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Low Vision Therapists, Orientation and Mobility Specialists, and Vision Rehabilitation Therapists - 29-1122.01

O*NET-SOC Description

Provide therapy to patients with visual impairments to improve their functioning in daily life activities. May train patients in activities such as computer use, communication skills, or home management skills.

Sample of Reported Job Titles

  • Certified Low Vision Therapist
  • Certified Orientation & Mobility Specialist
  • Certified Orientation and Mobility Specialist (COMS)
  • Mobility Specialist
  • Orientation & Mobility Specialist
  • Orientation and Mobility Instructor
  • Orientation and Mobility Specialist
  • Teacher of Students with Visual Impairments (TVI)
  • Teacher of the Visually Impaired
  • Vision Rehabilitation Therapist (VRT)

SOC Occupation Groups

29-0000 Healthcare Practitioners and Technical Occupations
29-1000 Health Diagnosing and Treating Practitioners
29-1120 Therapists
29-1122.00 Occupational Therapists
29-1122.01 Low Vision Therapists, Orientation and Mobility Specialists, and Vision Rehabilitation Therapists

Related Occupations

Tasks

  • Administer tests and interpret test results to develop rehabilitation plans for clients.
  • Assess clients' functioning in areas such as vision, orientation and mobility skills, social and emotional issues, cognition, physical abilities, and personal goals.
  • Collaborate with specialists, such as rehabilitation counselors, speech pathologists, and occupational therapists, to provide client solutions.
  • Design instructional programs to improve communication, using devices such as slates and styluses, braillers, keyboards, adaptive handwriting devices, talking book machines, digital books, and optical character readers (OCRs).
  • Develop rehabilitation or instructional plans collaboratively with clients, based on results of assessments, needs, and goals.
  • Identify visual impairments related to basic life skills in areas such as self care, literacy, communication, health management, home management, and meal preparation.
  • Monitor clients' progress to determine whether changes in rehabilitation plans are needed.
  • Obtain, distribute, or maintain low vision devices.
  • Participate in professional development activities, such as reading literature, continuing education, attending conferences, and collaborating with colleagues.
  • Provide consultation, support, or education to groups such as parents and teachers.
  • Recommend appropriate mobility devices or systems, such as human guides, dog guides, long canes, electronic travel aids (ETAs), and other adaptive mobility devices (AMDs).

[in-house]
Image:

• Refer clients to services, such as eye care, health care, rehabilitation, and counseling, to enhance visual and life functioning or when condition exceeds scope of practice.
  • Teach cane skills, including cane use with a guide, diagonal techniques, and two-point touches.
  • Teach clients to travel independently, using a variety of actual or simulated travel situations or exercises.
  • Teach independent living skills or techniques, such as adaptive eating, medication management, diabetes management, and personal management.
  • Train clients to read or write Braille.
  • Train clients to use adaptive equipment, such as large print, reading stands, lamps, writing implements, software, and electronic devices.
  • Train clients to use tactile, auditory, kinesthetic, olfactory, and propioceptive information.
  • Train clients with visual impairments to use mobility devices or systems, such as human guides, dog guides, electronic travel aids (ETAs), and other adaptive mobility devices (AMDs).
  • Write reports or complete forms to document assessments, training, progress, or follow-up outcomes.

Detailed Work Activities

  • Analyze patient data to determine patient needs or treatment goals.
  • Collaborate with healthcare professionals to plan or provide treatment.
  • Develop treatment plans that use non-medical therapies.
  • Diagnose medical conditions.
  • Evaluate patient functioning, capabilities, or health.
  • Instruct patients in the use of assistive equipment.
  • Maintain medical equipment or instruments.
  • Maintain medical or professional knowledge.
  • Monitor patient progress or responses to treatments.
  • Prepare healthcare training materials.
  • Prepare reports summarizing patient diagnostic or care activities.
  • Recommend types of assistive devices.
  • Refer patients to other healthcare practitioners or health resources.
  • Train caregivers or other non-medical personnel.
  • Train patients, family members, or caregivers in techniques for managing disabilities or illnesses.

Military Crosswalk Titles

  • Audiologist (Air Force - Commissioned Officer only)
  • Audiology (Army - Commissioned Officer only)

Apprenticeship Crosswalk Titles

No information available.

DOT Crosswalk Titles

  • Orientation And Mobility Therapist For The Blind